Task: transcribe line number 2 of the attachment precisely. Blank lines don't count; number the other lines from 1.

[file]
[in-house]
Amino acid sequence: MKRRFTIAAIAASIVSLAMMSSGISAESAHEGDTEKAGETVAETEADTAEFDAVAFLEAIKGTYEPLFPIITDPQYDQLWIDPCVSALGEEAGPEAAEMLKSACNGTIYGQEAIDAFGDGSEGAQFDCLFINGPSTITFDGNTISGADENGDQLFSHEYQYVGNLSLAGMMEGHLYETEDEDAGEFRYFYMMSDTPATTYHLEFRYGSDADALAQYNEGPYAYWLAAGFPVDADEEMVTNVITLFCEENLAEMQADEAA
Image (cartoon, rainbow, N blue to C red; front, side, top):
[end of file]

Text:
Amino acid sequence: MKRRFTIAAIAASIVSLAMMSSGISAESAHEGDTEKAGETVAETEADTAEFDAVAFLEAIKGTYEPLFPIITDPQYDQLWIDPCVSALGEEAGPEAAEMLKSACNGTIYGQEAIDAFGDGSEGAQFDCLFINGPSTITFDGNTISGADENGDQLFSHEYQYVGNLSLAGMMEGHLYETEDEDAGEFRYFYMMSDTPATTYHLEFRYGSDADALAQYNEGPYAYWLAAGFPVDADEEMVTNVITLFCEENLAEMQADEAA